On par with a trip to the dentist’s office, IT budgeting tends to rank fairly low on any CIO’s list of favourite activities. While alternative approaches to forecasting corporate IT expenditures won’t necessarily make the process any less tedious or painful, progressive new budgeting practices could make life easier in the long run.
Though dreaded all year, the annual budgeting process rarely changes for most top IT executives. Corporate officials usually prescribe an amount – 5 per cent of total operating expenses, for instance – and expect IT departments to keep spending within that figure. Alternately, the bean counters simply pull IT costs from the previous year and slap on a slight increase to account for inflation.
Seemingly straightforward, the traditional IT budgeting process still manages to put many CIOs and IT controllers on the defensive. Corporate accountants and business unit leaders demand to know what departments are getting in exchange for their technology surcharges, which are often levied as a chargeback or a fee extracted from various operational divisions to fund the IT department.
To inject the new levels of transparency that senior managers now demand, and further assert the business value of IT, more CIOs are becoming proactive.
“Now we are facilitating the dialogue and helping to establish the priorities. This subtle change makes a world of difference and allows my team to get an early heads-up so that we can plan resources accordingly,” says Robert Golden, director of strategic business services at Insurance House, a Marietta, Ga.-based brokerage company that works with independent retail insurance agents throughout the Southeast.
Now afforded a more active role at the budgeting table, many CIOs feel immediate pressure to come up with better ways to plan and account for expenditures.
“We need to become more sophisticated with our budgeting models, yet keep the process as simple as possible,” says David Oles, IT director of research and development at Rent-A-Center Inc., a Plano, Texas-based chain of rent-to-own retail stores.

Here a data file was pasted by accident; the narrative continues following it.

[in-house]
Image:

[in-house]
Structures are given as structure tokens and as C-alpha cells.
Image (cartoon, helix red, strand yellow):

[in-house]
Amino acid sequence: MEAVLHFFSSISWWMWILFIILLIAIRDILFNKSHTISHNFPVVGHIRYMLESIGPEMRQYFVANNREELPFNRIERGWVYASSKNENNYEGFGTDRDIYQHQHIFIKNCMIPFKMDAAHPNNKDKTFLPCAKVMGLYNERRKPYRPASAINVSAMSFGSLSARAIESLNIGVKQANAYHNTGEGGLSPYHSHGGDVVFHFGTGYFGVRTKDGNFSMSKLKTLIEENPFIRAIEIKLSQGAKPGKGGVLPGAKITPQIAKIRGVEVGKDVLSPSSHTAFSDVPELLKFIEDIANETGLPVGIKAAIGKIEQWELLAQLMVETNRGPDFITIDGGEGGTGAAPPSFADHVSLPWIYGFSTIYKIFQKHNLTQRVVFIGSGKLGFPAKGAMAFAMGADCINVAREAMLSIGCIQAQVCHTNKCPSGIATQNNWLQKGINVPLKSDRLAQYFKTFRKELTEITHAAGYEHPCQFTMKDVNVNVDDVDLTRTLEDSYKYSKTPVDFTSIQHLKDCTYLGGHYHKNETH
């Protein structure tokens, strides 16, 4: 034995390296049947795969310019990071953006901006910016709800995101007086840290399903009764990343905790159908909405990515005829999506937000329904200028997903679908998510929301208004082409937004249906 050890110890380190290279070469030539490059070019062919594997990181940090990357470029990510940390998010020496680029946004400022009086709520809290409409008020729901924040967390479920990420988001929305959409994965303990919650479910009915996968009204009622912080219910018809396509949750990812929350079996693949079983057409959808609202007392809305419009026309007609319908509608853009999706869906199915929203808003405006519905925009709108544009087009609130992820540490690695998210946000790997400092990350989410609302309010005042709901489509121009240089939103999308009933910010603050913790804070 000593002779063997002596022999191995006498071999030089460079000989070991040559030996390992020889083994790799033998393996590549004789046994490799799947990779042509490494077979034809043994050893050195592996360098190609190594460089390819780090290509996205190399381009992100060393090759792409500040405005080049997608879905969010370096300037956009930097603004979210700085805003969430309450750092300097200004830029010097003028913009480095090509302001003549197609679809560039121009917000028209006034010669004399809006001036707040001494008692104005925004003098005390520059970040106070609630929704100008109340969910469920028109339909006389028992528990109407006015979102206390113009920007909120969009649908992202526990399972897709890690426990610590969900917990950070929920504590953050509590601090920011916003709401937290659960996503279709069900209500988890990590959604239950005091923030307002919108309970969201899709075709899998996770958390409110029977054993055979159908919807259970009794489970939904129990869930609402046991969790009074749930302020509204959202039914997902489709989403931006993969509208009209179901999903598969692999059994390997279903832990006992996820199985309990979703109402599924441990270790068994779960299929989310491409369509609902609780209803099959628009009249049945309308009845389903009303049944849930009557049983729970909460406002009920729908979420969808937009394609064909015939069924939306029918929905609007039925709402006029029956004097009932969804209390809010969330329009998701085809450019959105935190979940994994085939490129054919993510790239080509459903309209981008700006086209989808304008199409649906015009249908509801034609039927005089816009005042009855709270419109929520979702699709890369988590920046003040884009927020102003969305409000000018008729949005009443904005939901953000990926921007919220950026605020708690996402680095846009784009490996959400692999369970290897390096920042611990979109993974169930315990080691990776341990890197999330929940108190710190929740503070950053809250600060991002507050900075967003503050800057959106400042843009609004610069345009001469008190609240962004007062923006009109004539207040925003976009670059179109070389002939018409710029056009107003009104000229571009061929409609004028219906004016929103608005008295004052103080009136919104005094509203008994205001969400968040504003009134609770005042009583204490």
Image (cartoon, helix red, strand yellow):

One simple move that Rent-A-Center has made involves the designation of new IT initiatives as capital expenditures. The idea is to isolate and highlight funding for new projects, rather than lumping these investments in with operational expenditures.
Rent-A-Center isn’t alone. Many corporations are beginning to peel apart these two distinct budgeting subsets.
“There has been a real bifurcation under way,” explains John Baschab, co-author of The Executive’s Guide to Information Technology (Wiley, 2007). “IT departments are breaking the cost of new projects out from ‘lights-on costs,’ a term I use for the funding required just to run the IT department with no new initiatives. There is now a real effort not to mix baseline costs with the funding needed for new projects.”
Splitting apart the two main components of a technology budget is little more than a good first step, however. Prudent CIOs will also impose the use of pricing and other industry benchmarks to make sure they are getting the best deals possible.
“Benchmarks are becoming a big driver. It is crucial for enterprise IT officials to find out if what they are paying is out of whack with what the rest of the market is paying,” says Chris Nuttall, managing consultant in PA Consulting Group’s North American sourcing and service management practice.
For CIOs to craft meaningful budgets, they need timely vendor pricing data, argues Jon Winsett, partner and managing director at NPI Financial, an Atlanta-based firm that specializes in budget management practices.
“Leading-edge companies are now working with outside pricing experts to gather historical pricing data. This allows them to understand the pricing flexibility of IT vendors and better grasp the impact that current market conditions really have on their budgets,” Winsett says. “CIOs are more able to accurately identify savings in IT spend, simply by understanding what vendors are really charging for their products and services.”
Golden says his department is determined to use industry benchmarks to fight overspending in all areas.